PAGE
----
William Cowper’s garden netting: weaving nets for bird-alluring fruit

Cowper's Garden Netting

Contributor: Stephen Bending

Location: unknown

Description: As a souvenir, this small square of garden netting signals the peculiarly domestic nature of William Cowper (1731-1800) as a poet. Made by Cowper and his household, the tied strands of thread seem trivial perhaps—a quirky, amusingly antiquarian delight. But that triviality is also an announcement of authenticity. In it we are given a little piece of Cowper—the net is not simply an object, but an act, a winter evening’s task, part of the fabric of Cowper’s life. The net is ephemeral (but it has lasted), domestic (but it is treasured), it is the product of careful labour, and in its small way it recognises Cowper’s garden—or any garden—as a place of tenuous and temporary delight.

Samuel Johnson’s pleasing definition of a network as ‘the intersection of interstices’ offers us an insight into the peculiar nature of nets – at once the twine and the holes between the twine, where each is as important as the other but where the net is neither one nor the other. Nets, that is, are nothing if not liminal, and they help us to understand both Cowper’s retirement and his fascination with the world from which he retired, both his sense of being a part of nature and his recognition that—like all men—he was separated from it.

Continue reading “William Cowper’s garden netting: weaving nets for bird-alluring fruit”

Share this post

Memorial to Giustiniana Wynne in Angelo Quirini’s Garden

 

Contributors: Rotraud von Kulessa and Catriona Seth

Location: Unknown (probably destroyed), Italy

Description: Giustiniana Wynne (1737-1791) was a true cosmopolitan from the moment of her birth in Venice, to a ‘Greek’ local woman (born in Lefkos) and an English baronet. The list of her friends and lovers reads like a Who’s Who of the republic of letters from her ‘caro Memmo’, the Venetian patrician Andrea Memmo (1729-1793) who was her first love in the 1750s, to the young William Beckford (1760-1844) when he was touring Europe, 30 years later. She was briefly betrothed to the wealthy French Fermier-Général La Poupelinière (1693-1762). The adventurer Giacomo Casanova (1725-1798) recounts in his Memoirs how he failed to help her abort an illegitimate child but tricked her into having sex with him. She married the elderly Austrian ambassador to the Serenissima, Count Orsini von Rosenberg (1691-1765) and once widowed spent much of her time during her final years with Senator Angelo Quirini (1721-1796). Her literary collaborator was sometime government spy Bartolomeo Benincasa (1746-1816). She entertained the poets Melchiore Cesarotti (1730-1808) who reviewed her 1788 novel Les Morlaques, and Ippolito Pindemonte. Lady Mary Wortley Montagu and Leopold Mozart are amongst those who refer to her in their letters.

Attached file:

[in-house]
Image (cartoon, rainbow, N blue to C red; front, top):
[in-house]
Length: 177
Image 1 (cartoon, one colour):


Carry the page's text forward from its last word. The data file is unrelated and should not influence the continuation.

Continue reading “Memorial to Giustiniana Wynne in Angelo Quirini’s Garden”

Share this post

Narcissa’s Tomb

Image of a stone plaque on Narcissa's tomb.

Contributor: Catriona Seth

Location: Jardin des Plantes, Montpellier, France

Description: The poet Edward Young’s The Complaint: or Night-Thoughts on Life, Death & Immortality, published between 1742 and 1745 entranced readers throughout Europe. Whilst a fairly accurate German version was produced quite rapidly, the first French book-length translation only came out in 1769—it was a free adaptation by Le Tourneur and would be widely reprinted over the years. From Rousseau to Robespierre and Germaine de Staël to Bonaparte, whatever their social status or political sensibilities, the chattering classes read Les Nuits.

Continue reading “Narcissa’s Tomb”

Share this post